He is also a very physical corner (matching his name), excelling in run coverage and hits and tackles with the very best corners in the league.
Now six years into the league, Jammer had to adjust to the significant rule changes that penalize corners for any intentional contact with receivers more than five yards off the line of scrimmage. In fact, Jammer led the league in flags for illegal contact in 2005, and was near the top again in 2006; last season he seemed to figure it out.
The ongoing fault people find with Jammer, and what limits him from being a truly elite corner is his lack of interceptions. He has never had more than four interceptions in a season.
However, with Antonio Cromartie on the other side, his team doesn't suffer from his lack of interceptions. His overall game is so rounded that his interception deficiency can be over looked.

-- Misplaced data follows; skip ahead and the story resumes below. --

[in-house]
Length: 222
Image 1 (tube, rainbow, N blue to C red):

Dubbed “The Natural” by ESPN's John Clayton, he excels in man-to-man coverage and is still learning the zone schemes. At 6-foot-2, 200 pounds and possessing long arms, Cromartie is ideal for press coverage.
Nearly as fast as Hall, he still clocks in with a 4.3 40 yard time, and his style is smooth. Cromartie uses his breakneck speed, can't-be-taught instincts, exceptional turn-and-go flexibility, and exceptional hands to control his game.
Like Asomugha, he is still learning, and that is the scary part. Cromartie is an athletic freak, and his position coach, Bill Bradley, said he is becoming a student of the game.
As is the knock on a lot of speed corners, Antonio isn't the most physical of cornerbacks. Working with one of the most physical in Jammer, he's improved his hitting and tackling.
One AFC scout says that Cromartie will guess on some plays (going for the big play), which leaves him vulnerable to completions. He still can be beaten with some double moves, but he will improve in that area the more he plays.